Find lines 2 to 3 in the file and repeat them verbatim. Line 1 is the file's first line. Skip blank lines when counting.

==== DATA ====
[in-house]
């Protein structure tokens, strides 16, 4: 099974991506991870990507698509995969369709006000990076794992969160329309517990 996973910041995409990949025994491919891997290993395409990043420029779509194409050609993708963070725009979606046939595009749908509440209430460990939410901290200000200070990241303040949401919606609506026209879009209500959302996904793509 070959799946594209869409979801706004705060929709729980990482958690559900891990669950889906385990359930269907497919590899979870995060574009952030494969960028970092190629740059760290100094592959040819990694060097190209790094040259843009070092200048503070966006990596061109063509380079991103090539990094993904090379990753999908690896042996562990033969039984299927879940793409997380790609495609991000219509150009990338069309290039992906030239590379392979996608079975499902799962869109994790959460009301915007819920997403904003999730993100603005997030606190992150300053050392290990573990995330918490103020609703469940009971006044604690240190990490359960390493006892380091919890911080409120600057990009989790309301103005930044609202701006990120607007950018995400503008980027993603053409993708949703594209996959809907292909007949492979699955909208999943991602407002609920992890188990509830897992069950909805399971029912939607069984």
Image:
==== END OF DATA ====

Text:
């Protein structure tokens, strides 16, 4: 099974991506991870990507698509995969369709006000990076794992969160329309517990 996973910041995409990949025994491919891997290993395409990043420029779509194409050609993708963070725009979606046939595009749908509440209430460990939410901290200000200070990241303040949401919606609506026209879009209500959302996904793509 070959799946594209869409979801706004705060929709729980990482958690559900891990669950889906385990359930269907497919590899979870995060574009952030494969960028970092190629740059760290100094592959040819990694060097190209790094040259843009070092200048503070966006990596061109063509380079991103090539990094993904090379990753999908690896042996562990033969039984299927879940793409997380790609495609991000219509150009990338069309290039992906030239590379392979996608079975499902799962869109994790959460009301915007819920997403904003999730993100603005997030606190992150300053050392290990573990995330918490103020609703469940009971006044604690240190990490359960390493006892380091919890911080409120600057990009989790309301103005930044609202701006990120607007950018995400503008980027993603053409993708949703594209996959809907292909007949492979699955909208999943991602407002609920992890188990509830897992069950909805399971029912939607069984």
Image: